Bacterial Spectrum of Acute Otitis Media in Bulgarian Children during the 10-Valent Pneumococcal Conjugate Vaccine EraFunding This study was supported by a grant of Medical University of Sofia (Council of Medical Science) under “Grant” Project number 8249/2018 and Contract number D-107/2019.
09 September 2019
08 January 2020
25 February 2020 (online)
Objective The 10-valent pneumococcal conjugate vaccine (PCV10) was introduced in Bulgaria for universal childhood vaccination in 2010. The objective of this study was to describe bacterial pathogens responsible for acute otitis media (AOM) in children in the era of routine PCV10 immunization.
Materials and Methods Middle ear fluid (MEF)/otorrhea or nasopharyngeal specimens were collected between May 2012 and April 2017 from 425 children aged < 12 years diagnosed with AOM; 71.5% of them were vaccinated. Capsular types of Streptococcus pneumoniae and Haemophilus influenzae and antimicrobial nonsusceptibility were determined.
Results Among 240 children with “severe” AOM, the studied specimens were MEF/otorrhea, and a total of 132 (55.0%) children were culture-positive. The most frequently identified bacteria were S. pyоgenes (31.1%), followed by Staphylococcus aureus (21.2%), S. pneumoniae (20.4%), and nontypeable H. influenzae (12.1%). Among 185 nasopharyngeal specimens obtained from children at the onset of a “mild” AOM episode, 67.0% were culture-positive for otopathogens. The most common pathogens were S. pneumoniae (41.9%), followed by H. influenzae (25.8%), Moraxella catarrhalis (23.4%), and S. pyоgenes (14.5%), alone or in combinations. Among children with pneumococcal AOM (79), PCV10 serotypes (VTs) were 21.5%. A high prevalence (50%) of nonvaccine serotypes 3 (14), 19A (11), and 6C (7) was found among vaccinated children. Rates of nonsusceptibility of S. pneumoniae to penicillin, amoxicillin and erythromycin, and of multidrug resistance, were 51.2, 10.1, 51.2, and 51.2, respectively. The rate of ampicillin-non-susceptibility in H. influenzae was 25%. All M. catarrhalis isolates were β-lactamase producers, and 32.2% of S. pyogenes were erythromycin-resistant.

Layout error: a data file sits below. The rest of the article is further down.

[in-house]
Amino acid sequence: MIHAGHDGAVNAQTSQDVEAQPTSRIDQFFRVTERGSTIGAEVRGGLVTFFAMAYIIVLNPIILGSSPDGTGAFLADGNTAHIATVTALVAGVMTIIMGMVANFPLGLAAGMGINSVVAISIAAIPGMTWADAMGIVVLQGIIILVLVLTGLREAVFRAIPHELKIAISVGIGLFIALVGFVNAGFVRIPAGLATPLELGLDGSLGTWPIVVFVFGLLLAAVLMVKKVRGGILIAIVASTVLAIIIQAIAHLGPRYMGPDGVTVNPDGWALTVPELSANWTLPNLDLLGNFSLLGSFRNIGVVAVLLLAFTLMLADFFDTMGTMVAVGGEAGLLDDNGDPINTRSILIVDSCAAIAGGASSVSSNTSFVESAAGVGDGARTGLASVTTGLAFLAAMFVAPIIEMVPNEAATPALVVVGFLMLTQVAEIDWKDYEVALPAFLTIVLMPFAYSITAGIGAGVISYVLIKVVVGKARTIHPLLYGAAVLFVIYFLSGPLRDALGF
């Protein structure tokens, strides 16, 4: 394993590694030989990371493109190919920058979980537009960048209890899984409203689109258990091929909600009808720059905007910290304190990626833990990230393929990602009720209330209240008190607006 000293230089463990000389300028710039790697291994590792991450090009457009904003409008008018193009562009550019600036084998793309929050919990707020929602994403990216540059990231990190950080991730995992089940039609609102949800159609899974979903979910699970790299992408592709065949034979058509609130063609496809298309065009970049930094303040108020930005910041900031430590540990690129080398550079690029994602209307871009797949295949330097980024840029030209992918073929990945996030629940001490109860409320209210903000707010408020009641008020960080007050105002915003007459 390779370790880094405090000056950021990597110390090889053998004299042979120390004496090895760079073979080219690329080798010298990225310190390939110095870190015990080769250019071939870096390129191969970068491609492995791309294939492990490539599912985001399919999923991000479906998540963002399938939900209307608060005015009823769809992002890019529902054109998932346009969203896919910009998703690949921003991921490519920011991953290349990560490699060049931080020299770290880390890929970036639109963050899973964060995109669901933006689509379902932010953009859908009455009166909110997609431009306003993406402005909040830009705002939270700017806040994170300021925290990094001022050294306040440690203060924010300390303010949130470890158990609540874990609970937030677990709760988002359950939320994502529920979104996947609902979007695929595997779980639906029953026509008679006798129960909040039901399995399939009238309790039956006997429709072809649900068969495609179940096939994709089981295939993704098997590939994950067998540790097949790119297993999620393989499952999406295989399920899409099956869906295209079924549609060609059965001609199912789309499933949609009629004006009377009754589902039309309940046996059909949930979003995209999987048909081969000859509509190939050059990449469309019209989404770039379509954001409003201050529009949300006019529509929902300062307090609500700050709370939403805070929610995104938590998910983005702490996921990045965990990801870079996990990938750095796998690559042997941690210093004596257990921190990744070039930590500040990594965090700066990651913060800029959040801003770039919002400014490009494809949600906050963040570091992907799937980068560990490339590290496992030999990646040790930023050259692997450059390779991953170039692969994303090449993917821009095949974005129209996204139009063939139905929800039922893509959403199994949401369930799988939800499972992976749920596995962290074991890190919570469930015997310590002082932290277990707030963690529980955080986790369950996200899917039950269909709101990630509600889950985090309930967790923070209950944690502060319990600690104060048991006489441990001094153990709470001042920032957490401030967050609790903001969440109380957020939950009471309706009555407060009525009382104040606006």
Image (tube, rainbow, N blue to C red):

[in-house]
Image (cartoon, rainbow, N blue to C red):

Conclusion Following implementation of PCV10, S. pyogenes was the most prevalent pathogen in children with “severe” AOM. Numbers of S. pneumoniae recovered from MEF/otorrhea significantly decreased, as did the overall proportion of VTs among AOM patients. Streptococcus pneumoniae, H. influenzae, and M. catarrhalis were the most commonly found pathogens in the nasopharynx of children with less severe AOM episodes.
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